By Robert Fernandez b. 1980 Robert Fernandez
At once this dragnet of cousins
Whips its way into your presence saying
None of them among us. They are
Oracles on the court of midnight,
The tight filigree of a mind or your
Splashing around in, your pandemonium
Of copper graffiti inexpertly put up.
They make weapons of furled hands.
“We will walk, but our bones will carry
Ribbons of lead, or we will, like
Acrobats mill-headed in 3s (3 blades,
3 hips, 3 tongues), answer to what comes
Before, what comes before?” Eleousa,
Master of Dark Eyelids, eye opening
Like a fennel seed, you are generous
Or are you not, do you shore up and
Wink at the soul? What does the soul say
Other than “my divorce from . . .,” “tan
Holiday . . .,” “smoking crystal in teak rooms . . .”
But should have asked, “What do you
See?” The sun a sequence of fans, a bridge,
Only so exquisitely cabled as to make us
Still—shall we fall
Or travel between bridges
Among the robust, sane clouds,
A face cut from smoke, heat, and light?
The sun, dancing in a vial, the initial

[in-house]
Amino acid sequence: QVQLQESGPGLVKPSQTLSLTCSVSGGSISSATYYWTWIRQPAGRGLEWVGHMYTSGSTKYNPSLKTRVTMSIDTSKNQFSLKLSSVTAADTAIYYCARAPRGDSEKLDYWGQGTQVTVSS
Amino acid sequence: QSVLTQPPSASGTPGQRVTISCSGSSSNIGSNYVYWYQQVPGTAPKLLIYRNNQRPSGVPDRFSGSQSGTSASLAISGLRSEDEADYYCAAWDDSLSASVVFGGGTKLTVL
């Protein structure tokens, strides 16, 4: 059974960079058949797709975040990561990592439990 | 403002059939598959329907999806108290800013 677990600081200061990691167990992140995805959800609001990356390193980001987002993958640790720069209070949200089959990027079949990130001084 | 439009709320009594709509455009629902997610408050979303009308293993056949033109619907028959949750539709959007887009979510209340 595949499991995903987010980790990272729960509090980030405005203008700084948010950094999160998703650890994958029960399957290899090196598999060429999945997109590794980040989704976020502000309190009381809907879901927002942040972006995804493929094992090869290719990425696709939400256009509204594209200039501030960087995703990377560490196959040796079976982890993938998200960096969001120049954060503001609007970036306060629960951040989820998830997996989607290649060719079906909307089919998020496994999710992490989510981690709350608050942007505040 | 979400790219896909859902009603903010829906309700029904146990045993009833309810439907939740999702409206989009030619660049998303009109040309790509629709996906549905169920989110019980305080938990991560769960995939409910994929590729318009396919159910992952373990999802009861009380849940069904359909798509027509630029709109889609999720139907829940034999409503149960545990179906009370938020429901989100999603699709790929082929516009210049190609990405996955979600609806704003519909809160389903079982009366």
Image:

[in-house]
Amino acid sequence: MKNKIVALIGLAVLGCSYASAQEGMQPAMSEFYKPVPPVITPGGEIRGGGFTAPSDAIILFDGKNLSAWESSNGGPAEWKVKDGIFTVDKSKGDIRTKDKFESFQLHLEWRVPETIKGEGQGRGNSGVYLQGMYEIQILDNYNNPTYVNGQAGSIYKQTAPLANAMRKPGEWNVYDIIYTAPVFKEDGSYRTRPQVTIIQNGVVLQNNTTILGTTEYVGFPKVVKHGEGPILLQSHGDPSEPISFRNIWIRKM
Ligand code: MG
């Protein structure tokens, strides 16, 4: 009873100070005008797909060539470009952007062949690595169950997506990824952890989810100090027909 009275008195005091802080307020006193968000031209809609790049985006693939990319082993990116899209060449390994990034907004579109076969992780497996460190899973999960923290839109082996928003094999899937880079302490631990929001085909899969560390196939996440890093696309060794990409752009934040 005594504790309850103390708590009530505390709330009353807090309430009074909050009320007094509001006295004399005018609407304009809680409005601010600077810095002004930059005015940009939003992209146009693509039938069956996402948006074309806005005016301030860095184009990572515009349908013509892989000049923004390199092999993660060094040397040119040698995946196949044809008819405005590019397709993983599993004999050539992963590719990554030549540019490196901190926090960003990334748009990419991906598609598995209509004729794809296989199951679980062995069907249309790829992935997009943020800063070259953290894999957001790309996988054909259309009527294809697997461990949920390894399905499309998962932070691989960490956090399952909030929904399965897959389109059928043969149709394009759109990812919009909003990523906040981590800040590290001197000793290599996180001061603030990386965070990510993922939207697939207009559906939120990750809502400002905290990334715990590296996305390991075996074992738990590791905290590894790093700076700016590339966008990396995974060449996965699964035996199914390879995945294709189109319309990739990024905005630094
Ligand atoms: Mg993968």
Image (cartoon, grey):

Memory of what it was to be born—
Doberman of a sheer-white universe—
To school out—the audacity of rising
Without name or color to new rooms,
New youth, fruitful, born singularly
To precise moments not in epiphany
But duration—as under new weather
We become—in action, receive—our
Bodies uncasked like umbrellas under
The flamingo-red light of the racing day.

Robert Fernandez, “Epithalamion” from We Are Pharaoh. Copyright © 2011 by Robert Fernandez. Reprinted by permission of Canarium Books.

Source: We Are Pharoah (Canarium Books, 2011)

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Poet Robert Fernandez b. 1980

POET’S REGION U.S., Midwestern

Subjects Living, Marriage & Companionship, Love, Romantic Love, Relationships, Arts & Sciences, Language & Linguistics, Social Commentaries, War & Conflict

Poetic Terms Epithalamion, Free Verse, Imagery

 Robert  Fernandez


Poet and editor Robert Fernandez was born in Hartford, Connecticut, and grew up in Miami. He earned an MFA at the Iowa Writers’ Workshop and is the author of the collections We Are Pharaoh (2011), Pink Reef (2013), and Scarecrow (Wesleyan University Press, 2016). He is also the co-translator, with Blake Bronson-Bartlett, of Azure (2015), a translation of the work of Stéphane Mallarmé. In poems that take on ancient Egypt, the . . .

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Originally appeared in Poetry magazine.

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